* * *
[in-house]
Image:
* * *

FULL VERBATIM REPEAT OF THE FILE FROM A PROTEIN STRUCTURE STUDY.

[in-house]
Image: